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Couple getting married

If you are thinking about getting remarried, you may want to consider the impact of obligations from a prior marriage. You may also want to better prepare for a second potential separation by planning for the distribution of your assets in advance.

Spousal Support Obligations

Remarrying does not result in a cancellation of any of your current spousal support obligations. However, if there is a material change in circumstances, one spouse can apply to vary the order for support. The intention of spousal support is to compensate a spouse for the following:

  • economic disadvantages suffered through the relationship;

  • to relieve the economic hardship resulting from marriage breakdown; and

  • to promote the spouses’ economic self-sufficiency after the separation.

For example, in Morigeau v. Moorey, 2013 BCSC 1923 (CanLII), the respondent was ordered to pay spousal support to his ex-wife. When the respondent’s ex-wife entered a common law relationship with a new partner, the respondent applied to vary the spousal support order to reduce or cancel the order. The court found that cohabiting with a new partner did not result in a material change in circumstances in order to vary the support obligation. The court further found that the plaintiff assumed the role as a stay-at-home mother, foregoing economic advantage and opportunities to further her career. Additionally, as an older woman, the plaintiff had a shorter career ahead of her. As such, the respondent’s spousal support obligation was not yet satisfied.

Clearly, it is important not to assume that any change in your ex-partner’s circumstance will be sufficient to eliminate spousal support order from your previous marriage or common-law relationship. The court may find that your ex is entitled to support for any one of the reasons cited above even though your partner may be in a much better financial position than initially anticipated.

Prenuptial Agreements

If you did not consider a prenuptial agreement for a prior marriage, you may be seriously considering one for your next marriage. Prenuptial agreements, also known as “marriage agreements”, outline how the finances and property are dealt with upon dissolution of the marriage. Particularly, if you earn more than your intended spouse and you already have financial obligations such as spousal support of child support from a prior marriage, you may wish to specifically agree upon how your assets will be distributed. Further, you should keep in mind that you may have to also pay child and spousal support for your new spouse, in the eventof a second divorce.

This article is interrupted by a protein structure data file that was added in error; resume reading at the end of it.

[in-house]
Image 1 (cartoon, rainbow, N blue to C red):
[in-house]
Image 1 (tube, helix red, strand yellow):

For example, in S.L.D. v. W.A.D., 2016 BCSC 616 (CanLII), the wife brought an action for parenting arrangements, property division, spousal and child support. However, the parties had signed a prenuptial agreement dealing with all such matters. During the negotiations of the agreement, the husband disclosed all of his assets as required. Although the wife claimed unequal bargaining power, she was represented by a family lawyer during all negotiations and disclosures. Ultimately, the court found the wife was aware of what she was signing upon entering the agreement and the court found there was no reason to interfere with the agreement.

It is important to take steps to protect your assets by signing a prenuptual agreement with the assistance and guidance of a family lawyer.

Predatory Marriage

A predatory marriage occurs when someone takes advantage of an individual in a vulnerable state by coercing them to enter into a marriage. “Predators” often target the elderly to marry in order to inherit their assets and estate upon their death. They also may prey on persons who are emotionally vulnerable due to a recent separation from their spouse or due to the death of a loved one.

One possible solution to predatory marriages is to establish an alter ego trust - a special type of trust if you are age 65 or older - in which you can transfer your assets so you no longer hold them personally. This means you are entitled to the benefit of the trust assets while you are alive and you can define who receives the assets upon your death. One benefit to an alter ego trust is that the terms remain private whereas a will can become public record at the probate registry. Further, you can provide for a replacement trustee which works as a power of attorney to manage your trust assets upon your death.

Call Valerie M. Little, Family & Divorce Lawyer in Burnaby & Coquitlam

Before you enter into a new marriage, you may have questions about obligations from your prior marriage. Valerie is happy to speak with you to address your questions and concerns. She can help whether you are looking for assistance in preparing a prenuptial agreement or you are looking for guidance in applying to vary an existing spousal support order. Call family lawyer Valerie M. Little at 604-526-3333 today. She has been serving clients and helping them to resolve their family law issues in Burnaby and Coquitlam for 30 years.


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